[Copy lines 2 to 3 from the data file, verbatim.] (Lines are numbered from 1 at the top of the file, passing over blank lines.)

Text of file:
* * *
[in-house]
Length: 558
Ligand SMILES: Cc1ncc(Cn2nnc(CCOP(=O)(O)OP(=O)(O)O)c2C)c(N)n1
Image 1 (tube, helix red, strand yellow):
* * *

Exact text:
Length: 558
Ligand SMILES: Cc1ncc(Cn2nnc(CCOP(=O)(O)OP(=O)(O)O)c2C)c(N)n1